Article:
Please Share!
Share on facebook
Facebook
Share on twitter
Twitter
Share on linkedin
LinkedIn
Share on email
Email
Since we don’t know when we will die, it’s never too early to start coming up with a plan.
Start Estate Planning
It’s never too early to start estate planning.

Since we don’t know when we will die, it’s never too early to start estate planning. Only 42% of Americans have a will or other estate planning documents, according to a 2017 Caring.com study. Among parents of children under 18, only 36% have created a will.

USA Today’s recent article, “Estate planning: 6 steps to ensure your family is financially ready for when you die,” explains that if you die without a will, state laws will decide what happens to your property or who should be legally responsible for minor children. That might be OK in some circumstances, but in others, a grandchild with special needs might not receive the resources you want him to have, or an estranged family member might get your house.

For some reason, people believe that if they don’t do anything, things will “work out.” They often do not. Here is what you should consider:

Create a will. This document states who should get your money and possessions, as well as who would become a guardian to your minor children, if both parents die.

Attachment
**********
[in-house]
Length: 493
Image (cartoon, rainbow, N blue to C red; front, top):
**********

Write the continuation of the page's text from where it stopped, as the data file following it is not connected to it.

A living will. This legal document states what medical procedures you want or don’t want, if you’re incapacitated and can’t speak for yourself, such as whether to continue life-sustaining treatment. Powers of attorney let you appoint someone you trust to make legal, financial and health care decisions for you, if you are unable.

Trust. This is a legal entity that holds any property you want to leave to your beneficiaries. With a trust, your family won’t have to go through probate. Trusts also let you to set up instructions for how and when property is distributed. A trustee will manage the trust. Make sure you let people know, when you’ve designated them as a trustee. Name a secondary trustee, in case the primary trustee cannot or will not serve.

Beneficiaries. If you have investment accounts and retirement plans like a 401(k), make certain that the individual you’ve listed as the beneficiary is the person you want to receive those funds.  Remember to appoint a contingency or secondary beneficiary, just in case.

Work with an experienced attorney. Estate planning can be complicated, so get some professional legal help. Our experienced attorneys work only in the areas of estate planning, elder law, trust administration, and probate administration. We are able to focus solely on the complicated laws surrounding estate planning and settlement. You can request a consultation with our attorneys to discuss taking control of your assets during times of incapacity and after death.

End-of-life planning isn’t really fun, but it’s necessary, if you want to have full control over your life and your assets. Therefore, it’s never too early to start your estate planning.

Reference: USA Today (April 1, 2019) “Estate planning: 6 steps to ensure your family is financially ready for when you die”